The Fraternal Order of the Eagles building was at the time, 1904, Snohomish’s largest building. It was dedicated two years later with a grand ball for 1,000 members and guests. The second floor features a ballroom with a floating or suspended dance floor, boasted as the first in the Northwest.
At street level the robust structure features large plate glass windows, creating inviting storefronts that were quickly leased, we imagine. But now, seen for the first time, we have a photographic record of Harmon’s first store in the Eagles Hall, which we mentioned in last month’s post.
The Snohomish Historical Society is fortunate to have a small collection of glass plate negatives produced by the prolific photographer Lee Pickett, who after years of travel, made the town of Index his home base. His former home is a cozy, jam-packed museum today, well worth a Sunday drive east.
Two of the three glass plates of the Eagles Hall were broken, yet both show Harmon’s Specialty Shop with clear detail. I have not had much luck scanning the plates, but the history happy elves of the Northwest Room, David, and Lisa, (also known as Everett Public Library staff members), came to my aid. I am grateful — it’s very exciting to have these images to share.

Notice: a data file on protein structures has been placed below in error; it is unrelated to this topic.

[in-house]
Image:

A third plate shows the Eagles Hall at an earlier date when a dry goods store occupied Harmon’s space — did Harmon buy the partners out?
We will show that image next month as we continue to celebrate the renovation of the Eagles Hall after its long hibernation of emptiness, and welcome its new businesses located in one of Snohomish’s still largest buildings.
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Published in the Snohomish County Tribune, March 20, 2013